The recent Facebook post about pavement parking in Caerleon inevitably received a lot of comments. The historic centre of Caerleon was not built for cars and understandably there is a variety of opinion. But there are surely some practices that are not acceptable.
It is not acceptable for people to park fully blocking the pavement so that pedestrians, people with baby buggies, people on disability scooters and people in wheelchairs cannot pass and are forced onto the road. It is also not acceptable that people park across dropped kerbs, making it impossible for people on disability scooters or in wheelchairs to pass. Surely we can all agree on these?
Council traffic wardens (Civil Enforcement Officers to give them their official name) can issue notices for parking across a dropped kerb, but not for pavement parking. The law on pavement parking is not very clear. There is not a specific law against pavement parking. The Welsh government plans to give powers to local authorities to take action, but this is waiting on some necessary changes in UK law. It is planned to give local authorities in Wales the power to take action by the end of this year.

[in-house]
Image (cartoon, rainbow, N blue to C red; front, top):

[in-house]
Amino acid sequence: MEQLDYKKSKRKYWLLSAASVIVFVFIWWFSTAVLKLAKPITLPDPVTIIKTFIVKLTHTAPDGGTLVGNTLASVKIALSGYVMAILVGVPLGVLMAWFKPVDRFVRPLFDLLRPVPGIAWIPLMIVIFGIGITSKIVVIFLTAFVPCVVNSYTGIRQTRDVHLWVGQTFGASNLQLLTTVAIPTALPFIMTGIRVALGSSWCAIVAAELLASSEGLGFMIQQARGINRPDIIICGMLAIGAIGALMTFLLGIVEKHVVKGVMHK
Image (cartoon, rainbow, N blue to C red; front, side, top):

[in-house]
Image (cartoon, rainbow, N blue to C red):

The police can take action against pavement parking under obstruction laws, but there is frustration when the police do not immediately respond. Police numbers have been cut across the UK by 20,000 since 2010. There are efforts to get numbers back up, but the police have been forced to prioritise. Police resources are often directed to where there the number of incidents is the highest. It is important, therefore, that where the pavement is made impassable people report incidents by telephoning 101 or with a photo via Facebook messenger. If local councillors are also informed, we can also chase up the issue with local officers.